Repressing the two names in a truth-detector interrogation was an awesome struggle. Simultaneously I had an equally strong impulse to shout my own nameâ€” denouncing myself as a suppressive infiltrator. With schizoid detachment, I wondered which of the three names would cross my lips first.
To my absolute astonishment, the name I spoke was my wife’s. Well, yes, we had bickered over the time I was spending on Scientology. Improvising desperately, I explained that my wife wasn’t really suppressive so much as concerned. When I was all talked out, my auditor put the “suppressive person” question to me again. This lime the E-meter said I was “clean.”
Nevertheless, he stood up.
“You’ll have to excuse me,” he said. “Whenever we’ve had any kind of ‘read’ on questions like this, we have to call in the Examiner-in-Charge.” In less than a minute a thick-set girl in black sweater and skirt, with thick dark hair and a trace of mustache, stamped into the cubicle. She tested me on the E-meter with the same question.
“Why do I get a little ‘read’ on it still?” she asked.
“Maybe,” I replied, “because I’m shook up by having my auditor yanked away from me like this.”
“We can’t be too careful,” she explained without warmth.
The next time around, I was “clean” with her, too, but I still didn’t get my auditor back. I was sent to Reception to stew for 15 minutes and then go before the Ethics Officer, who turned out to be an effete young man decked out in a blue turtleneck sweater and Ben Franklin glasses. His attack was different but also frightening. He had a printed checklist of 20 “potentially suppressive acts” that my wife might have committed: Was she opening or withholding my mail? Garbling phone messages? Listening in on phone calls? Denigrating my ambitions?
With tin cans in hand, I was able to acquit or excuse her on all counts. The Ethics Officer pronounced my case “not seriousâ€” just a minor break in what we call the Affinity-Reality-Communication Triangle.”
The “A-R-C Triangle” is an important bit of Scientological jargon. It means, approximately, that to Communicate successfully with someone you must feel some Affinity for him and you both must be talking about the same thingâ€” Reality. I knew exactly where the break had come but the Ethics Officer, happily, didn’t. With one last “suppressive person” check on the E-meter, he returned me to auditing.
The rest of the session was anticlimactic. Even probing questions didn’t bother me. While waiting for the Ethics Officer, I had worked out a way to beat the E-meter when I needed to.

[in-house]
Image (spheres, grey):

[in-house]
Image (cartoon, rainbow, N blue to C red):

The needle seemed to record emotional stress and, since I am good with memory tricks and concentration games, I drilled my mind to focus on the Esther Williams-Kathryn Grayson-Jose Iturbi-Jimmy Durante-Lauritz Melchior musical films of my boyhood as soon as a tough question hit in. I was able to drift dreamily past the roughest shoals on a cloud of M-C-M escapismâ€”giving away only as much as I wanted to give.
“That’s it,” said my auditor. “How do you feel?”
“Impressed,” I said, quite honestly.
“Good. Now don’t be alarmed, but I’m going to call in the Examiner one last time. She has to make sure you’re ready to go back to the outside world.”
The frightening girl in black asked just one question: “What gains do you feel you’ve made from this session?”
“I know a bit more about myself,” I said, which was true but a considerable understatement.
The question put to me by the Registrar when the Examiner had gone was blunt enough: Did I plan to go on and make a real start toward CLEAR? By this time I had the distinct impression that pressing deeper into Scientology would be less than a joy-ride. Nevertheless, I said that I thought I would, and the Registrar reminded me that auditing “through Grade IV” was available right at New York headquarters. It would cost $650.
I told him that my plans were to be in London for the summer. “Perfect!” he said without missing a beat. “We can refer you to the London Org and take a commission. Their fees won’t be much different from ours and you’ll only be an hour away from Saint Hill, which is like the center of the universe. You can go right on out there after your Grade IV release.”